Advanced Leadership: Mastering monetization, media mergers, mobile marketing and more
|January's Advanced Leadership Program speakers and attendees|
Jan. 16, 2013 - ABM's second annual B-to-B Advanced Leadership Program concluded successfully last week with a sold-out graduating class of 27 media professionals. The week of seminars, lectures and group exercises, conducted in partnership with Northwestern University’s Medill Media Management Center, put future media leaders through an intensive course in the fundamentals and latest trends.
Participants were enthusiastic about the takeaways from the program. "There are so many changes going on in the media industry these days," said John Decesare, publisher with Northstar Travel Media. "The ABM program has really helped us learn some cutting edge technologies, such as data mining and innovative ideas on how to engage your customers more."
"The experience this week has been really engaging and fulfilling. I have a list of about 30 items I can't wait to try," said another attendee, Rebecca Sausner, director of content development at SourceMedia.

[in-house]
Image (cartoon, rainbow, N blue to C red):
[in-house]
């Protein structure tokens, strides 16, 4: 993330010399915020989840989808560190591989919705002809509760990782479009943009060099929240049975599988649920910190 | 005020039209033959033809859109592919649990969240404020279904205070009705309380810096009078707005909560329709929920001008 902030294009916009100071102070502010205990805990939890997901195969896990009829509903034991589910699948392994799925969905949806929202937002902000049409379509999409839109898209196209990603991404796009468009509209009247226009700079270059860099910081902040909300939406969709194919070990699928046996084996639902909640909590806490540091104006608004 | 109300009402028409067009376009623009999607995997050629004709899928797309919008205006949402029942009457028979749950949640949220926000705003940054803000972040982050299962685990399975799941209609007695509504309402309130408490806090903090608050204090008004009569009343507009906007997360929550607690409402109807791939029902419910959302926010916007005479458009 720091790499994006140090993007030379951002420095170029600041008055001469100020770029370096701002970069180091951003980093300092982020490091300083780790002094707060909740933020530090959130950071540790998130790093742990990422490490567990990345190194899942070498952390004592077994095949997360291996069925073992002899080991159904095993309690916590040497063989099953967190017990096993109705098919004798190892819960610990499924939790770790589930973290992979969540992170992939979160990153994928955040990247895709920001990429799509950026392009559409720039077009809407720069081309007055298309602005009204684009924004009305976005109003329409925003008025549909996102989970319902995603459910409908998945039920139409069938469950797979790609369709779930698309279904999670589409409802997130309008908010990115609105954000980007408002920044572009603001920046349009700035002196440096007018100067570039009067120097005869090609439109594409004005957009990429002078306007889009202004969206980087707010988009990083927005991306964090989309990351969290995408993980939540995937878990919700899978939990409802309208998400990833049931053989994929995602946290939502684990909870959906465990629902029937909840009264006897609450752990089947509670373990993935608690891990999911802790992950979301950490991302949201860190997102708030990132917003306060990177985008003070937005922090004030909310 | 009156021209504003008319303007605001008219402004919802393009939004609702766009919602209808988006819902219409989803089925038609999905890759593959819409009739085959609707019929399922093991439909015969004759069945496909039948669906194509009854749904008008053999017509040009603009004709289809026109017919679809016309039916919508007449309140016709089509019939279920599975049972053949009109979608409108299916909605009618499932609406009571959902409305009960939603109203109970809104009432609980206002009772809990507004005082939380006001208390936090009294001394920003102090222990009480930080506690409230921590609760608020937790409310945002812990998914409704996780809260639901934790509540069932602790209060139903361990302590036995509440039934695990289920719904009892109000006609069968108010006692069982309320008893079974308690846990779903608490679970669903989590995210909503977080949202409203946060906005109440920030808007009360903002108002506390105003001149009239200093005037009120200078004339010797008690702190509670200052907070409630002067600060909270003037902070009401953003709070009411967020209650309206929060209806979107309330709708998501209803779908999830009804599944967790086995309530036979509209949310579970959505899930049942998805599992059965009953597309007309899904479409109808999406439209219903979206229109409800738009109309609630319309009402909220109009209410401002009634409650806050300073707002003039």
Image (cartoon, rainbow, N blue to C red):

Media company CEOs speaking at the program included Tom Kemp of Northstar Travel Media (on investment and capital), David Hill of IDG International Publishing Services (on overseas expansion), Frank Cutitta of The Center For Global Branding (on big data), Doug Manoni of SourceMedia (on transitioning business models) and Kerry Gumas of Questex Media (on events).
Program organizer and lecturer Abe Peck, who is also senior director at the Media Management Center, noted the value of the week of seminars to participants and their companies.
"Twenty-seven fast-track b-to-b executives from the United States and Germany did a great job interacting with leading b-to-b figures and insightful academics from the Medill School of Journalism, Media, Integrated Marketing Communication," he said. "Working together, they processed both b-to-b verities and the latest knowledge about data, mobile and social media. Now comes the payoff – seeing the change they make within the companies that sent them to Evanston."
By Michael Moran Alterio